Horace Carpetine’s parents were somewhat radical in the late nineteenth century. They raised their son to value the equality of all people–black or white, male or female–and to pursue the rational truth of science. When Horace becomes apprenticed to a photographer, however, he soon finds all of his values challenged. His master insists that he help fabricate a ghost photograph to swindle a wealthy client, a deception that troubles Horace at first, but once the apprentice realizes that he has somehow called a real ghost out of the photograph, his misgivings turn to terror. Together with his friend Pegg–the wealthy client’s African-American serving girl–Horace tries to uncover the truth about the ghost-girl’s past and find a way to stop her from reaping revenge on those who wronged her.
This ghost story is a fun read for anyone who likes historical fiction with a bit of a fear factor. It isn’t too terrifying–partly because the historical setting makes it seem fairly removed from the realm of modern possibility–but it is certainly creepy! I would definitely recommend it to upper elementary readers who enjoy ghost stories and are looking to branch out beyond Mary Downing Hahn and Alvin Schwartz.
While on holiday in the Austrian mountains, Ellie and Sigrid find baby Annika abandoned in a church and bring her back to Vienna. The three Professors for whom Ellie and Sigrid work as a cook and housekeeper are upset at first by the introduction of a noisy, messy baby to their home. But within a few weeks, Annika becomes a beloved part of the household. Although she works hard around the house helping Ellie and Sigrid, Annika loves her life in Vienna. She loves the Emperor Franz Josef and his dancing Lipizzano horses. She loves her friends Pauline and Stefan and the games of make-believe they play in the abandoned garden. In fact, the only thing about life in Vienna that Annika does not love is Loremarie Egghart, the snobby, rich girl who lives across the street and who turns her nose up at Annika, the “kitchen girl.” But when Loremarie hires Annika to read books to the bed-ridden great-aunt whom none of the Eggharts can stand, Annika finds a new friend, a friend with exciting and exotic stories of a glamorous past life, stories that will live with Annika long after the old lady herself passes on.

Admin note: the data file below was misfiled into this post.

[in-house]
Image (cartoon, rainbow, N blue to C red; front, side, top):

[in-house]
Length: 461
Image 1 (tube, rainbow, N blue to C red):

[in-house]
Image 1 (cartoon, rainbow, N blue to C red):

Everything in Annika’s world changes, however, when her real mother arrives in Vienna. Annika had always dreamed hopefully of a day when her mother would arrive to claim her long-lost daughter. What Annika never expected was that her mother would be a “von”–a German noblewoman–Frau Edeltraut von Tannenberg. She also never dreamed of what would come after her mother’s arrival–the part where she would take her away from Vienna and everyone she knows. Annika’s new life in Germany is wonderful in some ways. For one thing, there is Zed the stable boy, with whom Annika immediately forms a strong friendship. And of course she is with her mother! But Annika quickly learns that there are secrets in her noble family, and not all of them are good.
This novel is simply superb historical fiction–one of my favorite children’s books. I highly recommend it to middle grade readers, and any adults who enjoy children’s fiction. It has an engaging plot, wonderfully drawn characters, and clean, evocative writing.
The audiobook (narrated by Patricia Connolly) is also excellent!